"[W]e have no government armed with power capable of contending with human passions unbridled by morality and religion. Avarice, ambition, revenge, or gallantry, would break the strongest cords of our Constitution as a whale goes through a net. Our Constitution was made only for a moral and religious people. It is wholly inadequate to the government of any other."While many have taken Adams's words to mean he was endorsing an evangelical government and/or a "Christian nation," it's important that we not overreach or put words into his mouth. John Adams, in this letter, is not endorsing a particular Christian denomination nor is he advocating that the United States adopt the Bible as its legal structure in place of the Constitution. He's instead echoing the sentiments of his predecessor, George Washington, who stated that "religion and morality" are "indispensable supports to political prosperity."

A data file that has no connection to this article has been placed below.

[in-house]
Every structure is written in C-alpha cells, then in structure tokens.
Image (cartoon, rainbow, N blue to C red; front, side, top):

Like Washington, Adams believed that morality and religion were inextricably intertwined. You can't have the former without the latter, and if you can find a latter system without the former, it is inherently flawed and should be set aside. A moral world view, underlined and shaped by religion, is essential to a healthy society, argued Adams. And the American Constitution was written with such a society in mind. Do we have such a society today?